For investors, things are great when the prices of their investments are moving in an upward direction. Inevitably, though, the value of those investments will dip at one point or another. This is the nature of the market: ups and downs. A sell-off, however, is different. It is the accelerated selling of securities, including stocks, bonds, commodities and currencies, beyond the daily ebb and flow of market prices.
The ability to identify a sell-off can be an extremely reliable resource to have in a time of market uncertainty. These signals can present themselves in various forms so be prepared to analyze a number of indicators.
What is a Sell-Off?
The unexpected has and will always be a key contributor to market sell-offs. When a company releases its quarterly earnings report, there is a possibility it can fall short of analysts’ expectations. If it’s one or multiple companies with substantially negative results, the news can trigger mass selling for that specific company or the broad market. Black Swans are another unpredictable occurrence that can upset the direction of the market significantly. Their sudden nature can eat away at the value of investment holdings extremely fast so beware as they are impossible to predict. If either of the preceding occurs, you can be sure that the downward movement will not be over in a day’s time so be prepared. (Related: Black Swan Events and Investment.)
The overall economy doesn’t come up short when it comes to information about its progress or lack thereof. Economic reports, such as Initial Claims, Retail Sales, and Gross Domestic Product, to name a few, will have a considerable effect on the performance of the market. Any substantial, negative developments will most certainly provide indication that the markets are headed down for the foreseeable future.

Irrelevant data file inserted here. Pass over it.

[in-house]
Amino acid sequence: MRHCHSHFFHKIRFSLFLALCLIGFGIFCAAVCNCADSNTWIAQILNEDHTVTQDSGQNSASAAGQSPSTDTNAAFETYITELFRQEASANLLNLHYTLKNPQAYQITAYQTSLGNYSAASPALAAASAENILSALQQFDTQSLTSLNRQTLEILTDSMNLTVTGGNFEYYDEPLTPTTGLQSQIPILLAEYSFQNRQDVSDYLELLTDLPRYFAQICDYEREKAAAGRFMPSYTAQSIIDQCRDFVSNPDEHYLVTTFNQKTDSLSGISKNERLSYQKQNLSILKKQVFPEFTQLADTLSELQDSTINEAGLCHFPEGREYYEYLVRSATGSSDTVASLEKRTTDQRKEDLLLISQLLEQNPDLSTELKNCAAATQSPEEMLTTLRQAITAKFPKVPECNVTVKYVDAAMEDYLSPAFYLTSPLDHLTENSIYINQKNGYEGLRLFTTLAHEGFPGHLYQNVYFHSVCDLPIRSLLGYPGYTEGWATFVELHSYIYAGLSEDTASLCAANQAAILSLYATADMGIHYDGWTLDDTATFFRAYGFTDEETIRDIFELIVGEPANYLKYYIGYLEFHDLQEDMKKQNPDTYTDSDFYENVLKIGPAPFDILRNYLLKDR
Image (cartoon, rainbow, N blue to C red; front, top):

Commodity and currency fluctuations also have the strength to wreak havoc on investment portfolios. Rising commodity prices can be an early signal of higher costs being passed down to consumers while simultaneously diminishing companies' profits. For instance, a spike in oil prices will affect what consumers pay at the pump and what it costs for a company to ship goods. As far as currency is concerned, an upward trend in the value of the U.S. dollar can inversely devalue stock prices because it will be more expensive to buy American stocks with a higher priced dollar. Sharp spikes in commodity and currency values should be monitored carefully as they have a trickle-down effect on investment positions. (Related: Commodities that Move the Markets.)
As if the previous factors weren’t enough, technical indicators may also reveal the direction of a stock, currency or even a market index. For example, the Moving Average Convergence Divergence is a momentum indicator that can convey which direction a security or market is headed beforehand. Another commonly used indicator is the Relative Strength Index, which can determine whether a security is overbought or oversold. If overvalued, this could be a sure sign that a sell-off is imminent. Head and Shoulders Pattern is also said to be one of the most reliable indicators in determining a trend-reversal pattern, which should be employed for those using technical analysis on a frequent basis. (Related: Basics of Technical Analysis and The Four Most Commonly-Used Indicators in Trend Trading.)
The Bottom Line
Being able to spot a sell-off before it happens is an important skill to have as an investor. Adverse earnings and catastrophic events can be difficult to predict, but knowing how to handle it when they do occur is invaluable.
The overall economy can throw signals from different angles without warning, so being able to interpret their underlying messages may preserve portfolio value in a pinch. Technical indicators are plentiful, so understanding which ones can support your directional predictions may equip you for a potential downturn. While it’s impossible to consistently predict when a sell-off might occur, it is feasible to have a thorough understanding of how to analyze certain events if and when they transpire, allowing you to better protect your investment portfolio.